In the runup to the 2017 Resource Recycling Conference, we’re offering email profiles of a few of the experts who will be taking the stage in Minneapolis this month.
This week, we feature DJ VanDeusen, senior vice president of the recycling division at paper manufacturer and recycling facility operator WestRock.
He will be participating in the conference’s markets panel on Tuesday, Aug. 29, offering an insider’s perspective on recovered fiber pricing trends.
What are a few key aspects of the global fiber market you’ll explore?
While global recovered fiber demand has been experiencing steady growth over the past 20 years – demand more than doubling in the time frame to over 205 million metric tons – basic components of the growth are changing dramatically. China, Korea, Vietnam and other developing regions are now responsible for the increased demand for recovered fiber and the grade mix has shifted to a reliance on OCC for a much larger portion of the global furnish requirements. The recent demand growth is largely a result of the massive increase in e-commerce as corrugated box demand has surged – this presents a unique set of new challenges for the industry as more and more corrugated is ending up in homes across the globe.
How can recycling stakeholders best respond to that OCC shift?
Traditional retail, commercial, and grocery supply chains capture near theoretical maximum recovery of OCC whereas capture through residential collection and processing experiences a significant drop in recovery rates due to sort system design and functionality, contamination of fiber when commingled, and the lack of recycling access. As the supply chain changes in response to the growing e-commerce economy, collection and processing methods will have to keep pace to ensure sufficient fiber for the growing global demand.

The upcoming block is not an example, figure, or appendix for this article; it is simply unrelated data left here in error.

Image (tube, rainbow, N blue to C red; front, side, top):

China recently made headlines when it announced it will ban imports of certain recovered materials later this year. What’s your reaction to the announcement, and is this something that will figure into your presentation?
There is still a lot of uncertainty regarding the announced ban on certain materials in China – uncertainty regarding the specific material impacted, the quality specifications that will be required to allow material to be imported, and the timing and enforcement of the ban. Most intelligence has the ban impacting what is currently imported as mixed paper, but given the reliance on that material for the China paper and paperboard industry the effect of the ban, depending on the enforcement process, could be staggering. We’ll explore some of the potential impacts and our thoughts on the most likely outcome during the session.
What makes you most excited to be a part of the recycling industry right now?
How can you be in this business and not be excited right now? The emerging market factors and pace of change in the industry create a constant challenge for our industry. We’re trying to ensure that we are providing materials required for a global economy, partnering with paper and packaging producers to develop sustainable solutions, and driving higher recovery rates of recyclable material despite all of the changes that make it more difficult to do so.
VanDeusen will be joined by Joel Morales of IHS Markit and Joe Pickard of the Institute of Scrap Recycling Industries in the “Market Demands” session to be held Tuesday, Aug. 29. It will be moderated by Will Sagar of the Southeast Recycling Development Council.
The 2017 Resource Recycling Conference is set for Aug. 28-30 at the Hyatt Regency Minneapolis. Registration is now open. Act now to get the discounted conference hotel rate. Head to rrconference.com for all the latest information on attending.